Failure is a Good Thing

This last Saturday I did my 12 miler and last long run before my half this Saturday. I’m so excited! I’ve been really, really into the Jillian Michaels podcasts and one of the ones I was listening to was about failure. The podcast was about how failure is a GOOD THING! And I completely agree! I remember the first time (and only time) I got an F. It was awful. I am not an F student…not even close!! One of my coworkers told me that it’s good for me to get an F and at the time I couldn’t even imagine why. Now I think I have a little deeper understand.


On my run, I started to think about all of the good things that have come into my life because I failed (or perceived myself as having failed.

  • In 9th grade I got my first A- ever. Ever. I was one of THOSE kids. I first went to the teacher begging to do extra credit and then went home and sobbed after being told no. This was the beginning of me learning to not be so hard on myself! One thing that my parents have always expected from us is that we do our best. I’ve had to learn over the years that my best doesn’t mean perfect and it definitely doesn’t mean someone else’s best. It’s something that I sometimes still have to remind myself.
  • In college, I got that F I mentioned before. I took the class again and got a D. Finally I took it from a different instructor and got an A-. Yes, it was my third time, so the class wasn’t anything new. Yes, the first teacher is quite a bit harder. But I discovered learning styles that I worked well with. I learned that with hard things, I need repetition. I learned that there’s no shame in trying again until you get your desired result. I also learned I’m not very good at memorization. haha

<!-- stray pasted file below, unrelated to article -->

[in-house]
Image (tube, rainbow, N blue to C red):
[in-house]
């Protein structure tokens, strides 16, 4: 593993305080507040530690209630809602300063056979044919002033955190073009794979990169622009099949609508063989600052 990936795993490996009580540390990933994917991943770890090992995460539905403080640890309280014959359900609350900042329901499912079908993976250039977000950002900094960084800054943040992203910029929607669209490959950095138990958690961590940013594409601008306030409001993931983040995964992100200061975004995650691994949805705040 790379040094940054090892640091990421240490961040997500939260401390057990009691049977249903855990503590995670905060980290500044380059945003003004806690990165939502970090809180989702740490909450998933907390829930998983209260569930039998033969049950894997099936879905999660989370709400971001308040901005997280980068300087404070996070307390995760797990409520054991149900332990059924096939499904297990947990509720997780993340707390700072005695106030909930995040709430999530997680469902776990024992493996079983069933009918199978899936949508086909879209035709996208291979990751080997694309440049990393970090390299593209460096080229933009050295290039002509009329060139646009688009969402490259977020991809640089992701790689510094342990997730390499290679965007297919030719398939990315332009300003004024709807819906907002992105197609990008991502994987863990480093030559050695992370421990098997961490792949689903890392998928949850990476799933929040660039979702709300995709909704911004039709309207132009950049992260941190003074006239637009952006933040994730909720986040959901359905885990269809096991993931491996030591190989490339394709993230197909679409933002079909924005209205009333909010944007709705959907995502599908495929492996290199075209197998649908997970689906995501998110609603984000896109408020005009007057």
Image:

• When I was applying to colleges, I really wanted to go to a particular one and convinced myself that one of the scholarships they offered was my key to being able to go there. When I was rejected from that scholarship, I thought all my dreams of going to that school were shattered. I was later awarded a different scholarship, which allowed me to go to that school, didn’t hinder me from joining the organization that I participated in my entire college career (something I never could have done had I received the other scholarship due to the requirements I would have had in order to keep it) and then this organization lead to the full-time job I now have that I was able to acquire after graduation. What a blessing that I didn’t get that first scholarship!
  • Other failures have taught me (or at least tried to teach me): that if I really, truly want something I need to go for it, communication is the key to a good relationship, regret is one of the worst things to carry around with you and it’s hard to get rid of, it’s ok to open myself to new experiences and I have a lot of room for improvement.

During my run, I also thought of the type of person I would be without all these failures. And you know what? I didn’t like the person I imagined. Who wants someone who has never, ever had a reason to improve? Or who has never been out of their comfort zone long enough to fail? Someone who has never faced a challenge? I know so much of who I am today is because of those challenges I’ve faced and now and then hitting rock bottom and needing to reevaluate the situation.